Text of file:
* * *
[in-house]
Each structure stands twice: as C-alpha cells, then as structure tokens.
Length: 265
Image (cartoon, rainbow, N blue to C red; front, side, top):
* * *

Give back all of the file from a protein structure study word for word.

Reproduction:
[in-house]
Each structure stands twice: as C-alpha cells, then as structure tokens.
Length: 265
Image (cartoon, rainbow, N blue to C red; front, side, top):